October 21, 2020

Dear Reuters: This Is NOT How You Report On Dishonest, Disingenuous Talking Points From US Officials Regarding Encryption

Attorney General William Barr and his DOJ and FBI have really ramped up their bullshit campaign against the public being able to use encryption. President Trump himself weighed in himself with some ignorant statements, suggesting that Apple owes him some sort of quid pro quo, because his policies may have helped them on trade:

We are helping Apple all of the time on TRADE and so many other issues, and yet they refuse to unlock phones used by killers, drug dealers and other violent criminal elements. They will have to step up to the plate and help our great Country, NOW!

This is dumb and wrong for many, many reasons. First of all, no matter what the US government has done on an unrelated issue, that doesn’t mean that Apple should do something on a totally different issue. Second, the issue is not Apple “refusing to unlock phones used by killers, drug dealers and other violent criminal elements.” It’s Apple offering encryption that protects all of us. It is not possible for Apple to “unlock” the phones of criminals without doing so for everyone else as well, putting everyone’s information at tremendous risk. And, for very little benefit, seeing as there are multiple private companies who have figure out how to crack iPhone encryption and which the DOJ and other law enforcement agencies are already using.

Indeed, outside of the President and the DOJ, other parts of the federal government have come down against having Apple break encryption, including the intelligence community and the Defense Department who recently told Congress how important general purpose consumer encryption is in protecting national security.

But, because only the other side of the debate seems to get any attention, and because Trump toady’s feel the need to kiss up to the President, now we have Treasury Secretary Steve Mnuchin, also repeating nonsense about Apple and encryption:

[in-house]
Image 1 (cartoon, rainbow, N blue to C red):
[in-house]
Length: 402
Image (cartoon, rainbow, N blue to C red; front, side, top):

“I understand the president’s view, and it is absolutely critical for our technology companies to cooperate with law enforcement,” Mnuchin told CNBC in an interview.

Mnuchin later told reporters at the White House that he had not discussed the issue with Apple and did not know the specifics at hand. “I know Apple has cooperated in the past on law enforcement issues, and I expect they would continue … to cooperate.”

Damn straight he doesn’t “understand the specifics at hand.” Still, political grifters spewing nonsense is nothing new. What frustrates me is how Reuters framed this story. Its headline blared: “Mnuchin urges Apple, other technology companies to work with U.S. law enforcement”

That’s really bad framing, because it suggests to basically everyone (totally incorrectly) that the issue here is that Apple and other tech companies are somehow not “working with U.S. law enforcement.” Except they are. Where possible and where reasonable and allowed by law. The issue at play when it comes to encryption literally has absolutely nothing to do with whether or not tech companies should or should not “work with” law enforcement, but rather whether they should put all of our security at risk, in order to make it marginally easier in a few limited cases for law enforcement to get into phones it probably already has access to through other means.

When framed that way, it’s obviously dumb. But anyone reading Reuters’ coverage of the issue won’t get that. They’ll think that Apple is somehow taking some sort of stand against US law enforcement. This is what Trump, Barr, and apparently Mnuchin, would like people to think, but it’s not true, and it’s fundamentally bad journalism for Reuters to frame it that way.
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